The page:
Mr. Berlyn, realizing he couldn’t take what he learned from watching the Super Mario 64 demonstration, vowed to use the little remaining time to make Bubsy 3D as good as possible. The game was released in November of 1996 – five months after the domestic release of Super Mario 64. Despite being seen as an overall worse effort than Super Mario 64, Bubsy 3D managed to receive mixed reviews, earning acclaim from sources such as GameFan, GameZilla, and derision from others, including Next Generation and Electronic Gaming Monthly. Despite this, PSExtreme was particularly enthusiastic about the game, giving it 93% and their “Gold X Award”. The reviewer in question compared it to a Warner Brothers cartoon. Against the truly fearsome Nintendo, how has Mr. Berlyn’s effort fared in hindsight?
Analyzing the Experience
A bobcat named Bubsy had done battle against a horde of aliens called Woolies. These aliens had a decidedly strange modus operandi; they sought to steal the Earth’s supply of yarn balls. Bubsy successfully repelled the invasion, but the Woolies are not interested in taking this defeat gracefully. Led by their two queens, Poly and Esther, the Woolies invade Earth and kidnap Bubsy. However, the bobcat ends up escaping his captors when the ship malfunctions and crash-lands on Planet Rayon. In order to escape the planet, Bubsy must build a ship using the various atoms and rocket parts. As both items are considered worthless by the Woolies, they cannot comprehend his motives. Nonetheless, they will stop at nothing to destroy their archnemesis once and for all.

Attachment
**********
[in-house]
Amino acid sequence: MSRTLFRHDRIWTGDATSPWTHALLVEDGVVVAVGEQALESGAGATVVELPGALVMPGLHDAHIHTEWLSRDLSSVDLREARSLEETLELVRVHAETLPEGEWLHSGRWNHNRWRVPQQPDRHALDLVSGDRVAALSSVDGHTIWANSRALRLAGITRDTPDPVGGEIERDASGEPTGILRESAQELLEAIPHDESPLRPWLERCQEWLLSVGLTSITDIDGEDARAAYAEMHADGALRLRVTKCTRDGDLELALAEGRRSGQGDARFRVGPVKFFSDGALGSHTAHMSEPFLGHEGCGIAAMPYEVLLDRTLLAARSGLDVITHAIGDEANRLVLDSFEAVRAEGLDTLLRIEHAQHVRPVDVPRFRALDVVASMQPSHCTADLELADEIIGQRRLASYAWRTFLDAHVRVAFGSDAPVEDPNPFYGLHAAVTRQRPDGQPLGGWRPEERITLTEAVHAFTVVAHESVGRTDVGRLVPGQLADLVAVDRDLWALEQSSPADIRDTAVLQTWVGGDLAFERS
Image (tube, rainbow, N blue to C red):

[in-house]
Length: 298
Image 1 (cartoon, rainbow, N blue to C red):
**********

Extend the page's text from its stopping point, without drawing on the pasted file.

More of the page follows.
I have to commend Mr. Berlyn’s team for attempting to make this game at all. Bubsy 3D was being made during a time in which 3D gaming hadn’t fully cemented. When he made the original Bubsy, he had various games he could use as a point of reference – Sonic the Hedgehog just happened to be the one he chose. When it came to 3D gaming, he had nothing to use as a style guide. The Texas-based developer id Software had experimented with the idea of 3D gaming via their successful first-person shooters Wolfenstein 3D and Doom. However, neither of these games were three-dimensional. Instead, they were two-dimensional games cleverly programmed so as to depict the illusion of depth. Nintendo was in the process of creating the blueprint for true 3D gaming, but by the time Mr. Berlyn knew of its existence, he couldn’t do anything with his newfound knowledge.
The reason I choose to mention all of this upfront is because, as ambitious as Bubsy 3D is, playing it for any length of time reveals it to be a complete mess from top to bottom. The original had the courtesy to wait before bombarding players with its confused stage design, terrible controls, and overall poor optimization. All of these problems and more are observable in Bubsy 3D before you’ve even reached the first checkpoint.